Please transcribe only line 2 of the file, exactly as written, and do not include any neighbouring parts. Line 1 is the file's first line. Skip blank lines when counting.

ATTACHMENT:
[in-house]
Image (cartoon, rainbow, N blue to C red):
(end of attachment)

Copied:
Image (cartoon, rainbow, N blue to C red):